Ever-so-slight delay improves decision-making accuracy

Posted on March 11, 2014

Decision-making accuracy can be improved by delaying decision onset by a mere fraction of a second could help improve training strategies in high-stake environments.

Columbia University Medical Center (CUMC) researchers have found that decision-making accuracy can be improved by postponing the onset of a decision by a mere fraction of a second. The results could further our understanding of neuropsychiatric conditions characterized by abnormalities in cognitive function and lead to new training strategies to improve decision-making in high-stake environments.

“Decision making isn’t always easy, and sometimes we make errors on seemingly trivial tasks, especially if multiple sources of information compete for our attention,” said first author Tobias Teichert, PhD, a postdoctoral research scientist in neuroscience at CUMC at the time of the study and now an assistant professor of psychiatry at the University of Pittsburgh. “We have identified a novel mechanism that is surprisingly effective at improving response accuracy.

The mechanism requires that decision-makers do nothing—just briefly. “Postponing the onset of the decision process by as little as 50 to 100 milliseconds enables the brain to focus attention on the most relevant information and block out irrelevant distractors,” said last author Jack Grinband, PhD, associate research scientist in the Taub Institute and assistant professor of clinical radiology (physics). “This way, rather than working longer or harder at making the decision, the brain simply postpones the decision onset to a more beneficial point in time.”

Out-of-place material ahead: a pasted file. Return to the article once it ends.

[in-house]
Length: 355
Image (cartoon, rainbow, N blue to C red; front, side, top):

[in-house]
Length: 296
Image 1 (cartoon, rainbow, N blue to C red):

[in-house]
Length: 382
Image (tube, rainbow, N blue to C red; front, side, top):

In making decisions, the brain integrates many small pieces of potentially contradictory sensory information. “Imagine that you’re coming up to a traffic light—the target—and need to decide whether the light is red or green,” said Dr. Teichert. “There is typically little ambiguity, and you make the correct decision quickly, in a matter of tens of milliseconds.”

The decision process itself, however, does not distinguish between relevant and irrelevant information. Hence, a task is made more difficult if irrelevant information—a distractor—interferes with the processing of the target. Distractors are present all the time; in this case, it might be in the form of traffic lights regulating traffic in other lanes. Though the brain is able to enhance relevant information and filter out distractions, these mechanisms take time. If the decision process starts while the brain is still processing irrelevant information, errors can occur.

Studies have shown that response accuracy can be improved by prolonging the decision process, to allow the brain time to collect more information. Because accuracy is increased at the cost of longer reaction times, this process is referred to as the “speed-accuracy trade-off.” The researchers thought that a more effective way to reduce errors might be to delay the decision process so that it starts out with better information.


Source material from Columbia University


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